Not that I supporting threadcromancy, but I'll have to disagree on that point. Timing wise, the manly picnic does occur at the same time as the girl specific ends, making it an ending after having played through the whole demo. But that only works if you're talking about Act 1. In the finished game, the many picnic will work exactly like the game over screens from losing a case in Phoenix Wright. Making it onto a path will continue the game, whereas falling off a roof does lead to a sort of "Game Over, go back and make different choices to avoid this." The difference is how you get to this point. In Phoenix Wright, you'll have to jump through a lot more hoops than when reading KS, and there are the gameplay mechanics of sleuthing and turnabout. In VNs the mechanics are the choices. It is here where it can be argued whether or not Phoenix Wright is a VN or not. But the structure of the ends in both games seem similar. You do stuff before hand that leads to end you get. If you choose poorly, the game ends prematurely and abruptly, and you are encouraged to go back and correct your mistakes.Totz the Plaid wrote:I agree with the majority here in that I feel that it is NOT a VN for one extremely simple reason: there are specific conditions for winning and losing.
Witn a VN, you get a complete story no matter what you do. Even if you get the bad ending, such as Kenji's "Manly Picnic" in the Act 1 release, it's still an ending, you still got a story, and there's no "Game Over" screen.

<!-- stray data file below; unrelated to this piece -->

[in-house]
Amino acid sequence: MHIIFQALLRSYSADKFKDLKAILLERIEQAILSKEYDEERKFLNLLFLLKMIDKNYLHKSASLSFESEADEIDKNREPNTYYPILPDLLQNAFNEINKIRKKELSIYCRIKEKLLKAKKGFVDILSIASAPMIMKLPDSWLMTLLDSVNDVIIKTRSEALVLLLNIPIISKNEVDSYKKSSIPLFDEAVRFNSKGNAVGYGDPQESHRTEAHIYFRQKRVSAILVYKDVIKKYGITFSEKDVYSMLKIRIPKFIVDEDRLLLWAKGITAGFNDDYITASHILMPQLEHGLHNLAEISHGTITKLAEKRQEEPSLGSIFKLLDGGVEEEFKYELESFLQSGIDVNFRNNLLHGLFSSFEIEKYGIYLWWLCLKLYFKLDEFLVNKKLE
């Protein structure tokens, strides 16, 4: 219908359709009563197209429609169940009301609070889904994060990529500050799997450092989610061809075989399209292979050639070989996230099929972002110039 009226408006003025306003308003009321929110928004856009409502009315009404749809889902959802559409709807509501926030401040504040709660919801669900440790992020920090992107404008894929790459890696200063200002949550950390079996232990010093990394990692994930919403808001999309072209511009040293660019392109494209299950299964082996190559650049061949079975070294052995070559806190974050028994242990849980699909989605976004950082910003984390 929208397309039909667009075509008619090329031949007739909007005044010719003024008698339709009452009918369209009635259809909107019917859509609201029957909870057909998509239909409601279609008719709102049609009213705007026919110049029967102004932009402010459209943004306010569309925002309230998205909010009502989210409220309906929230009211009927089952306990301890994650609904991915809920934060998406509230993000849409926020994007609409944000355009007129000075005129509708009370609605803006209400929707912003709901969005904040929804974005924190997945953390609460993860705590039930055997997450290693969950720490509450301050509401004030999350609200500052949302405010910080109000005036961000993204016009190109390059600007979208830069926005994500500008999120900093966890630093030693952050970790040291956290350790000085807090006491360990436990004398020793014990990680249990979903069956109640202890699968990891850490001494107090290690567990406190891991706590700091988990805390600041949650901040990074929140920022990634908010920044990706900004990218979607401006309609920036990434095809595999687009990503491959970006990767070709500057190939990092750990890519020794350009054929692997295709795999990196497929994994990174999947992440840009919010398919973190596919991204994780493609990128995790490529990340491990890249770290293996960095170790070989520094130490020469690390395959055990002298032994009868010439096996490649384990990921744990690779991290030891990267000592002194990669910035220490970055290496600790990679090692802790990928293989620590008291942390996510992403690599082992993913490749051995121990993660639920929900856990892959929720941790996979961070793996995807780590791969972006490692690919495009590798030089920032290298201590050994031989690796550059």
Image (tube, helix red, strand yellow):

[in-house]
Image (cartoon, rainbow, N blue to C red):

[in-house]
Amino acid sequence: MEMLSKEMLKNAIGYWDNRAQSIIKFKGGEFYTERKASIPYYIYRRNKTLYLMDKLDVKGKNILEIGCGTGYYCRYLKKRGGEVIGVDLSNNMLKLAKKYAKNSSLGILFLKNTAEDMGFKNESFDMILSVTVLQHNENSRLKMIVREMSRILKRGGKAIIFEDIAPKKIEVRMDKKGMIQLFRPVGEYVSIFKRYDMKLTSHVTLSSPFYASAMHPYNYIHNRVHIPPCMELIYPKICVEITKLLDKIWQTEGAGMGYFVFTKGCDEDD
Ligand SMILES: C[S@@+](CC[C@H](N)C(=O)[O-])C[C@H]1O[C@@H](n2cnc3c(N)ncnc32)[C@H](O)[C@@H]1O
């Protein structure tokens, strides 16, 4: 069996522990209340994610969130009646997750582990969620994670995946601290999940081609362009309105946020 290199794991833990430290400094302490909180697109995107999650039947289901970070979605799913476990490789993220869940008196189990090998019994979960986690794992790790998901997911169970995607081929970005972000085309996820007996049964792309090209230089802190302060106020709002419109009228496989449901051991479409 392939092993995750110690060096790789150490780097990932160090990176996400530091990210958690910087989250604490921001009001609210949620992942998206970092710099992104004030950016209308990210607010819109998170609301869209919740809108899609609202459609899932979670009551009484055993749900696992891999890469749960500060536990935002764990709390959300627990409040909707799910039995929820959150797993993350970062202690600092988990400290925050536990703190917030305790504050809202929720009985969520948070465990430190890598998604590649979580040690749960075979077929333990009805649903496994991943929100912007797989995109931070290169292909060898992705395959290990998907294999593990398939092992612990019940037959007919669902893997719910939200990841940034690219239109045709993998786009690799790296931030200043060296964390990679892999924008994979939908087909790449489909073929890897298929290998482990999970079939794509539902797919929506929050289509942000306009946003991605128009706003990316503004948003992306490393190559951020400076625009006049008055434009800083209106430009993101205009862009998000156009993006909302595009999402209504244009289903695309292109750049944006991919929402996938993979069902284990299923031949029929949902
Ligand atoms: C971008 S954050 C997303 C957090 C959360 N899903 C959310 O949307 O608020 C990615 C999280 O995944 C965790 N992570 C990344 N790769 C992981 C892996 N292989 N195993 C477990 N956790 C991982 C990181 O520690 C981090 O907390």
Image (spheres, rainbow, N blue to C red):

In the Ace Attourney games if you lose a case, you lose the game. Period. Retry and see if you can win this time. That's not what a visual novel is.
Now, this will only apply if KS keeps the structure that bad ends can occur at the end of each act, or perhaps at any time. I believe Aura has stated that this structure sucks dong, so perhaps it will play out like other VNs, with all of the choices culminating at the end, and you'll play through the whole game before finding out whether the combination of your choices gives you a good or bad end. If this is the case, then your argument is completely valid.
But let's take a step back, you mention that Phoenix Wright is not a VN because there are specific conditions for winning and losing. The good ends could count as "winning," and the bad ends as "losing." After all, your main goal should be to have a happy ending with your chosen girl, and the bad ends are something that you wouldn't want to happen. So in that sense, there might be winning and losing in a VN structure. But with all the branching paths, and multiple ends, good or bad, it's not winning and losing in a traditional sense. This is where KS differs from Phoenix Wright, in that there are many ways to do things correctly, and advance the story, as opposed to just one. Of course, this only works if you see the game this way.